To christen or not to christen?
You may not have realised it, but across the UK fewer and fewer children are being christened. The rate has fallen by nearly 80% since 1900 and in cities such as London fewer than 1 in 10 children are christened. This is despite almost 60% of all Brits identifying as Christian.
It’s a topic that Kate and I have been discussing since The Boy and The Girl were first born. What are the reasons for and against christening your child? What did we decide to do? It might surprise you!
Em takes the argument for:
You may think that as a committed Christian (albeit one that goes to church less than she probably should) that it was a simple decision to christen The Boy. Actually it was not.
I would always describe myself as in an inter-faith marriage, not because The Boy’s Dad has another religion, but because he is such a strong atheist. Not only does he not believe in the Holy Trinity, he doesn’t believe in any God at all, and actively rejects organized religion.
So why did we christen The Boy before he even turned three months?
Firstly, and most importantly, it was a non-negotiable for me. Christening The Boy was important because I want The Boy to grow up in the Christian church, in the Christian community, and I wanted to publicly demonstrate support for his spiritual growth as a Christian. Whilst I am by no means one to evangelise, my faith is important to me – in fact the first thing I said when The Boy’s Dad proposed is that I would only accept if we got married in a church.
Whilst The Boy’s Dad was not too pleased about having him christened, and committing to raising him as a Christian, until such a time that he can make his own decision, he ultimately agreed because it’s so important to me. My argument was – if you don’t believe in it at all, what is the harm?
Whilst of course being a Christian was the most important reason to have The Boy christened there were other benefits. It was great fun to hold a big party (we had almost 70 people attend) and to thank all of our friends and family for their support through the first three months’ of The Boy’s life. I also would be lying if The Boy’s Dad hadn’t be slightly persuaded by the good Church of England school over in Ealing – faith schools are becoming increasingly popular and can offer a fantastic education – another benefit.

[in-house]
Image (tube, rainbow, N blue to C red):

The Boy’s Christening was an amazing milestone for him and for us as parents. We are so grateful to all of his Godparents, all of our friends, and for our church community for the way that they have supported him and continue to support him
Kate takes the argument against:
OK, so for me, the argument for not christening your child could be based around the following things (and indeed mine did for quite awhile):
1. You aren’t ‘Church of England’ religious
I (and my husband) appreciate the global historical significance of the Church of England, but we don’t necessarily practice religion, for us it’s more about spirituality rather than organised religion.
2. You want to wait until your child is old enough to decide for themselves
This is a point I felt strongly about for a long time – and it’s incredibly valid, considering you have no idea what you child will grow up to think / be / do. They might be interested in Buddhism, Evangelicalism or nothing at all. Deciding to get them christened at an early age could put pressure on your child to be religious.
3. You have a different religion where you might have a baby dedication (wasn’t applicable to us, but still a reason!)
In the states, I grew up in the evangelical church where you’d have a baby dedication rather than a christening. A baby dedication is just that – a dedication to God that the baby will be raised in a godly way, it doesn’t have any significance in terms of school admissions, like a christening does. So, your religion might have a different route to faith than the tradition Church of England way.
4. You don’t have a local church you’ve been attending consistently
Often churches require you to be a regular attendee, committed member of the church before agreeing to conduct a ceremony. If you aren’t already in the habit of giving up your Sunday mornings, this can seem like a lot to ask!
5. You aren’t religious. At all.
Agnostic. Aesthetics. Whatever. You don’t believe there is a God, so what’s the point? Something like a naming ceremony, where you can still have a gathering of your friends and family as well as a special milestone as a parent might be something that is better suited.
Those were all of my reasons to not get The Girl christened. And then, of course, we changed our mind and got her christened anyways! For us, we realised that although neither my husband nor I are religious, it was something we recognised might be something of value to The Girl in that it gives her roots to our local area, it allows her access to a community she might not have access to previously and (for us, to be honest, most importantly) was an opportunity for her to have formal godparents to be part of her life.
Common theme we are learning in our parental-journey: it’s OK to change your mind!